The University of Southampton
University of Southampton Institutional Repository

Occupational physical activities and osteoarthritis of the knee

Occupational physical activities and osteoarthritis of the knee
Occupational physical activities and osteoarthritis of the knee
Objective: to assess the risk of knee osteoarthritis (OA) associated with kneeling, squatting, and other occupational activities.
Methods: we compared 518 patients who were listed for surgical treatment of knee OA and an equal number of control subjects from the same communities who were matched for sex and age. Histories of knee injury and occupational activities were ascertained at interview, height and weight were measured, and the hands were examined for Heberden's nodes. Data were analyzed by conditional logistic regression.
Results: after adjustment for body mass index (BMI), history of knee injury, and the presence of Heberden's nodes, risk was elevated in subjects who reported prolonged kneeling or squatting (odds ratio [OR] 1.9; 95% confidence interval [95% CI] 1.3-2.8), walking >2 miles/day (OR 1.9; 95% CI 1.4-2.8), and regularly lifting weights of at least 25 kg (OR 1.7; 95% CI 1.2-2.6) in the course of their work. The risks associated with kneeling and squatting were higher in subjects who also reported occupational lifting, and appeared to interact multiplicatively with the risk conferred by obesity. People with a BMI of 30 kg/m2 whose work had entailed prolonged kneeling or squatting had an OR of 14.7 (95% CI 7.2-30.2), compared with subjects with a BMI <25 kg/m2 who were not exposed to occupational kneeling or squatting.
Conclusion: there is now strong evidence for an occupational hazard of knee OA resulting from prolonged kneeling and squatting. One approach to reducing this risk may lie in the avoidance of obesity in people who perform this sort of work.
0004-3591
1443-1449
Coggon, D.
2b43ce0a-cc61-4d86-b15d-794208ffa5d3
Croft, P.
8faa5d3f-d4d6-4b68-b7fa-b4b284768b41
Kellingray, S.
418e1aef-0230-450a-a9b7-ba8cf0e7fba9
Barrett, D.S.
cbaaf354-cc75-42d4-980c-0a8797db5b4c
McLaren, M.
6834d2c6-7c6e-4d16-a4d9-ebd1bd35956f
Cooper, C.
e05f5612-b493-4273-9b71-9e0ce32bdad6
Coggon, D.
2b43ce0a-cc61-4d86-b15d-794208ffa5d3
Croft, P.
8faa5d3f-d4d6-4b68-b7fa-b4b284768b41
Kellingray, S.
418e1aef-0230-450a-a9b7-ba8cf0e7fba9
Barrett, D.S.
cbaaf354-cc75-42d4-980c-0a8797db5b4c
McLaren, M.
6834d2c6-7c6e-4d16-a4d9-ebd1bd35956f
Cooper, C.
e05f5612-b493-4273-9b71-9e0ce32bdad6

Coggon, D., Croft, P., Kellingray, S., Barrett, D.S., McLaren, M. and Cooper, C. (2000) Occupational physical activities and osteoarthritis of the knee. Arthritis & Rheumatism, 43 (7), 1443-1449. (doi:10.1002/1529-0131(200007)43:7<1443::AID-ANR5>3.0.CO;2-1).

Record type: Article

Abstract

Objective: to assess the risk of knee osteoarthritis (OA) associated with kneeling, squatting, and other occupational activities.
Methods: we compared 518 patients who were listed for surgical treatment of knee OA and an equal number of control subjects from the same communities who were matched for sex and age. Histories of knee injury and occupational activities were ascertained at interview, height and weight were measured, and the hands were examined for Heberden's nodes. Data were analyzed by conditional logistic regression.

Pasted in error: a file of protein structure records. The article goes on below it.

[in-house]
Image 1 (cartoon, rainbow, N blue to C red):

Results: after adjustment for body mass index (BMI), history of knee injury, and the presence of Heberden's nodes, risk was elevated in subjects who reported prolonged kneeling or squatting (odds ratio [OR] 1.9; 95% confidence interval [95% CI] 1.3-2.8), walking >2 miles/day (OR 1.9; 95% CI 1.4-2.8), and regularly lifting weights of at least 25 kg (OR 1.7; 95% CI 1.2-2.6) in the course of their work. The risks associated with kneeling and squatting were higher in subjects who also reported occupational lifting, and appeared to interact multiplicatively with the risk conferred by obesity. People with a BMI of 30 kg/m2 whose work had entailed prolonged kneeling or squatting had an OR of 14.7 (95% CI 7.2-30.2), compared with subjects with a BMI <25 kg/m2 who were not exposed to occupational kneeling or squatting.
Conclusion: there is now strong evidence for an occupational hazard of knee OA resulting from prolonged kneeling and squatting. One approach to reducing this risk may lie in the avoidance of obesity in people who perform this sort of work.

Full text not available from this repository.

More information

Published date: 2000
Organisations: Medicine, Engineering Sciences

Identifiers

Local EPrints ID: 21398
URI: https://eprints.soton.ac.uk/id/eprint/21398
ISSN: 0004-3591
PURE UUID: d94cc2dc-33df-46b6-a1b0-4d2431a88f5b
ORCID for D. Coggon: ORCID iD orcid.org/0000-0003-1930-3987
ORCID for C. Cooper: ORCID iD orcid.org/0000-0003-3510-0709

Catalogue record

Date deposited: 06 Feb 2007
Last modified: 06 Jun 2018 13:02

Export record

Altmetrics

Download statistics

Downloads from ePrints over the past year. Other digital versions may also be available to download e.g. from the publisher's website.

View more statistics

Atom RSS 1.0 RSS 2.0

Contact ePrints Soton: eprints@soton.ac.uk

ePrints Soton supports OAI 2.0 with a base URL of https://eprints.soton.ac.uk/cgi/oai2

This repository has been built using EPrints software, developed at the University of Southampton, but available to everyone to use.

We use cookies to ensure that we give you the best experience on our website. If you continue without changing your settings, we will assume that you are happy to receive cookies on the University of Southampton website.

×